April 17, 2014

  • Warmth needed to grow tomatoes

    The time for those growing tomatoes in their garden is when the soil temperature is above 60°F and fear of frost has past. We are generally safe from frosts after April 5.  However, frosts have occurred as late as May 1 in the Oklahoma City area. If you planted your tomatoes on or before April 5 last year you would have covered them several times as there were several late frosts. If you plant early, be ready to cover your plants during nighttime frosts.

    April 17, 2014

  • Debate Senate hopefuls meet in first debate

     Accountability to the American people and the $17.5 trillion debt continues to be a major issue in the race for U.S. Senate office being vacated by retiring U.S. Sen. Tom Coburn.
    The Oklahoma Conservative Political Action Committee hosted a debate Wednesday for three of the seven Republicans running for the U.S. Senate seat that is being vacated by retiring U.S. Sen. Tom Coburn.

    April 16, 2014 1 Photo

  • Oklahoma City FC invites fans to design club scarf

    Oklahoma’s top-tier soccer club, Oklahoma City FC, invites soccer fanatics across Oklahoma to be a part of its future by designing its scarf.
    Scarves are a tradition among soccer clubs and are typically a team’s most recognizable accessory. Scarves are a matter of pride for hard-core supporters and feature team colors, logo and inspiring slogans. Scarves are a part of a team’s identity.

    April 16, 2014

  • MS_injection well.jpg Agency clarifies earthquake-related misinformation

    A state agency says misinformation related to the debate about the cause of more earthquakes across Central Oklahoma includes oil well types, well numbers and injection pressure.
    The Prague sequence of 2011 along the Wilzetta Fault zone included a significant foreshock, a main shock of magnitude 5.7 and numerous aftershocks. It has been suggested that this sequence represents tremors triggered by fluid injection.
    More recently, earthquakes have been recorded in the vicinity of Jones, Arcadia Lake, Edmond, Guthrie, Langston and Crescent. Regulators and scientists are working together to better understand what’s causing all the shaking.

    April 16, 2014 1 Photo

  • Sheriff seeks items for agency history project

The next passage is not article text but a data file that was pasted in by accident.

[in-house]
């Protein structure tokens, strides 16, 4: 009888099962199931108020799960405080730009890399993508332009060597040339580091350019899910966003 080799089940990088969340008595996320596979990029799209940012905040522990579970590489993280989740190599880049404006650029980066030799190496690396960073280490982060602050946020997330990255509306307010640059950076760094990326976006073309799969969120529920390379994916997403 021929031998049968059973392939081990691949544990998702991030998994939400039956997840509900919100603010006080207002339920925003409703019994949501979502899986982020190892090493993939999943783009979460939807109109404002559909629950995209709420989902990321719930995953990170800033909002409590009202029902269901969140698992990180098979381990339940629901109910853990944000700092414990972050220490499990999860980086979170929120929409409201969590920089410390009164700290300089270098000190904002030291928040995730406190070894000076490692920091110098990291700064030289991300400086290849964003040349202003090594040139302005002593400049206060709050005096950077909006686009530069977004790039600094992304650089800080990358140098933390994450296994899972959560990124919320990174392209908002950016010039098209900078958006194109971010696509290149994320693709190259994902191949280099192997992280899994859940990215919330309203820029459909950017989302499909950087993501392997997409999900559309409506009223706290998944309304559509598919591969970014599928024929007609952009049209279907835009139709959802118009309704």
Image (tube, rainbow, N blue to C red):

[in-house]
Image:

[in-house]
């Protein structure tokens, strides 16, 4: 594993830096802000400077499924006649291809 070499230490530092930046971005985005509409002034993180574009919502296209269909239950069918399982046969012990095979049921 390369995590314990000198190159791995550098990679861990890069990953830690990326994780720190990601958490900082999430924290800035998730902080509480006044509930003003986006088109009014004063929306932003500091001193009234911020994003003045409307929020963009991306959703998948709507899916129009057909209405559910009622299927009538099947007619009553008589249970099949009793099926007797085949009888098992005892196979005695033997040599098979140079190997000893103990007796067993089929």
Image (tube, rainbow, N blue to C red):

If you have historic pictures or artifacts related to the Oklahoma County Sheriff’s Office, the agency is asking the public to share them.
    “The Oklahoma County Sheriff’s Office is working on a history project. If you, your family, friends or acquaintances have any old photos or artifacts related to the OCSO we would love to have them or a digital copy,” said Oklahoma County Sheriff John Whetsel.

    April 16, 2014

Featured Ads
NDN Video
Man Accuses 'X-Men' Director Bryan Singer of Sexually Abusing Him As a Teenager Lea Michele & Naya Rivera Feuding? Don't Be A Tattletale: Bad Bullying Tips For Students Jabari Parker declares for the NBA draft Singing Nun Belts Out Cyndi Lauper New West, Texas Explosion Video Swim Daily, Throwback Thursday The trillest thoughts on marijuana "RHOA" Star Charged With Battery Grizzly Bears Get Snowy Birthday Party Weatherman draws forecast when another technical glitch strikes WGN Elizabeth Olsen's Sexy Shoot Bay Area Teen Gets Prom Date With Help From 'Breaking Bad' Star Boston Bomb Scare Defendant Appears in Court Behind The Tanlines Jersey Strong Part 1 WATCH: Women Fight To Marry Prince Harry! Jenny McCarthy Engaged to "New Kid" Kate and Will Land in Oz O’Reilly Launches Preemptive Strike Against CBS Pixar Unveils Easter Eggs From its Biggest Movies
Poll

Do you agree with a state budget proposal that takes some funds away from road and bridge projects to ramp up education funding by $29.85 million per year until schools are receiving $600 million more a year than they are now? In years in which 1 percent revenue growth does not occur in the general fund, the transfer would not take place.

Agree
Disagree
Undecided
     View Results